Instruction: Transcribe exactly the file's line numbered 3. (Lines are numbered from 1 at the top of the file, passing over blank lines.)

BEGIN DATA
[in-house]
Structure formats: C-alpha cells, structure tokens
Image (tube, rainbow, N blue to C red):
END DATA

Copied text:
Image (tube, rainbow, N blue to C red):